That's nothing compared to a couple with a daily cappuccino-and-pastry coffeehouse habit but it certainly isn't cheap - and it goes a long way towards explaining the immense popularity of good-not-great whole bean coffee (in this case from Lake Atitlán in Guatemala) for $6.65 per pound as found at Costco. Now of course the mega-growth area in Costco and other big box stores is single serve, but  Peet's K Cups are selling for 54 cents each there at the moment and Starbucks Via Instant can be had for about the same price - meaning a consumer could enjoy a full quart of brewed coffee made by these very expensive, packaging-intensive methods for less than $2.50. That doesn't even buy you a single mug of cinnamon-roasted pourover swill at your local Piercings-'n-Beans outlet.

Studies like these two are focused on what percentage of coffee's selling price ought to go to the grower rather than looking at price pie charts that include all of the stakeholders in the transaction - including the consumer. Rewarding farmers is obviously important, but so is delivering value to the consumer. Costco and its key suppliers, from JBR to Starbucks, Nestlé and Green Mountain certainly understand this but there's not much evidence of such sanity on the boutique roaster side of things - which goes a long way towards explaining why the Blue Bottles and Stumptowns get all the fawning press coverage in the world while selling such small volumes of coffee that, at the end of the day, they're just microlot noise in a container-load universe. That's also why most of the PR is about canned or bottled cold brew, insanely expensive microlots of interest only to staff and the press, the latest in ridiculous latte "art" competitions and the rest. Talking about the actual taste and value of coffee is bad business - or at least not the business many folks want to be in.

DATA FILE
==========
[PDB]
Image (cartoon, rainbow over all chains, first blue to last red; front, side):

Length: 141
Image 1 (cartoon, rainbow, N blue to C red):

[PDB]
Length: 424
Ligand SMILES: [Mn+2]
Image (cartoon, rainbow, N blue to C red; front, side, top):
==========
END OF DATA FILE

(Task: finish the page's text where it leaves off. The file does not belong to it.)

Thursday, March 26, 2015

The death of a genius and the strange fate of tea in coffee chains

I just learned of the death of the wonderful Steve Smith, the product wizard at Stash Teas, inventor of the Tazo brand and more recently the co-founder (with his lovely wife) of Steven Smith Teamaker, yet another amazing venture that pushed the quality envelope for teabag tea into uncharted territory. 

Here's the link to a lovely profile of Steve and his work in The Oregonian, and here's a photo of Steve:

I've written a couple of previous posts here detailing the sad history of tea at Starbucks and my own lengthy involvement.  Because I was the last tea buyer during the "whole leaf" era I had the pleasure of hosting Steve in the cupping room on numerous occasions. We were such kindred spirits that the old phrase "brothers from another mother" comes to mind: off-the-charts creative types with boundless product passion who idealistically believed that product-driven, product-informed marketing would (or at least should) win the day, even in the corporate world. 

If it hasn't happened already, the history of tea at Starbucks ought to make for a classic case study at Harvard Business School or the like. You have a product-driven company that offered the very best coffee, tea and spices at a time when fresh examples of any of these products were otherwise unavailable. Then trade with the People's Republic of China opens up and your city is the first to benefit, opening the door to offering such legendary teas as Hao Ya Keemun and Yin Hao Jasmine for the first time. 

Fast forward to 1987 and your company is acquire by your director of marketing, whose sentiments about tea are summed up by his advice to customers at his newly-minted ersatz Italian coffee bars: "if you want tea, you can go to China." The loyal tea customer base is sent off to Upton Tea or driven back to Peet's, since (again quoting Mr. Schultz) "if they want the connoisseurs, they can have themem." 

Still, the tea category and those pesky customers who insist on drinking both coffee and tea wouldn't go away, and rather than leveraging its long history in tea the powers-that-be at Starbucks begin to court other brands, starting with Republic of Tea and then buying Tazo, which brought Steve Smith - who was to tea what Gordon Bowker, the marketing genius co-founder of Starbucks - was to coffee - into the fold.